The End and "The Beyond"
It took Lilian Rosenberg some time to make up her mind.
"It's extraordinary," she said to herself, "how fond I am of Shiel. I used to think it an impossibility for me to be really fond of anyone.... The question is, however, am I sufficiently in love with him, to give him up to that soft little cat—Gladys Martin! If it weren't for this illness—if I could only persuade myself that he isn't as ill as Miss Whatever-her-name-is—said, I shouldn't think twice—I should let things be—but as I feel sure he is really ill—dangerously ill—and the only chance of his recovery lies in the possibility of his marrying Martin—I must deliberate. Shall I or shall I not? If it were any other woman I shouldn't so much mind—but—Gladys Martin! I can't endure her. There is one hope, however, namely—that if he marries her, he will soon tire of her—and—and come to me. What a tremendous score off her that would be! But, no! I wouldn't do that! Because—because—well there—just like my infernal luck—I love him. Could I marry him, I wonder, even if there were no Gladys Martin? It is doubtful! Yet I believe I could. But what is the good of conceiving impossibilities! There is a Gladys Martin—and—I can never have Shiel. The only question I have to settle is—Shall she have him? Shall I marry Kelson so that Martin can marry Shiel?"
Lilian Rosenberg turned this question over in her mind for a whole day and night, sometimes arriving at one decision, sometimes at another. In the end—very elaborately dressed, and looking daintier than she had ever done in her life, she waylaid Kelson and asked him to have tea with her.
Any pretty face, accentuated by all the allurements of a large mushroom hat and hobble skirt, was enough for Kelson; but when that face belonged to the one girl for whom, above all other girls, he had a colossal weakness, he simply could not feast his eyes enough on it.
"Have tea with you? Of course I will," he said. "But we must be careful. Hamar is about. If you walk on up the Haymarket, I'll follow in a taxi, and pick you up, directly I get to a safe distance."
"I see you are as much in awe of Mr. Hamar as ever," Lilian Rosenberg laughed. "I'm not! I've found him out—he's all talk. But do as you will—get your taxi and I'll walk on—we'll have tea in my new flat."
Kelson was so delighted he hardly knew if he stood on his head or his heels. "You are prettier than ever," he said, as the taxi-door shut and they sped away. "I declare there seems no limit to your beauty."
"Only because you're partial," she said. "I shall grow ugly one day. Perhaps—soon." With a savage energy, she set to work to completely overcome him. With a languishing expression in her eyes—eyes, which she made use of mercilessly, without giving him a moment's respite—she watched his whole being vibrate with love and adoration.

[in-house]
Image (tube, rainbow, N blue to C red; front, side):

They had hardly entered the drawing-room of her flat when he threw himself at her feet, and poured forth his worship of her in the most extravagant phrases.
"Look here, Mr. Kelson," she said at length, withdrawing the hand it seemed as if he would never leave off kissing, "this is all very well; but I daresay you make love to countless other girls in this same fashion. How can I tell if you are really serious?"
"Don't I look as if I am?" he cried.
"One can never judge correctly by looks," she replied; "they are terribly deceptive. You are very emphatic in your avowals of love, but you say nothing about marriage."
"Then you do care for me! Jerusalem! How happy I should be if only I thought that!"
"Think it, then," Lilian Rosenberg said, "and let us come to an understanding. Can you afford to keep a wife—keep her, as I should expect to be kept—plenty of new dresses, jewelry, theatres, balls, motors, Ascot, Henley, Cowes?"
"I reckon I could do all that," Kelson replied. "I've just over a hundred and fifty thousand pounds in the bank, and with this 'cure' business, I'm taking on an average ten thousand per week. I would settle a hundred thousand on you, and make you a handsome allowance—a thousand a week—more if you wanted it."
"Well!" Lilian Rosenberg said after a slight pause, during which Kelson had again seized her hand and was kissing it convulsively, "to quote one of your Americanisms—I reckon I'll fix up with you. On one condition, however."
"And that," Kelson murmured, still kissing her feverishly.
"That we marry a week to-day!"
Kelson dropped her hand as if he had been shot. "We can't!" he cried. "The Compact!"
"Oh, damn the Compact!" Lilian Rosenberg said coolly. "You marry me then—or not at all!"
"You are joking—you know what the Compact means!"
"I know what you think it means. For my own part I don't see that you have the slightest reason to fear. The Unknown cannot really harm you. All you have to do is to turn religious. Anyhow you must risk it—that is to say, if you want me."
"It will lead to a quarrel with Hamar," Kelson said desperately. "The Firm will dissolve—and I shan't get a cent more money."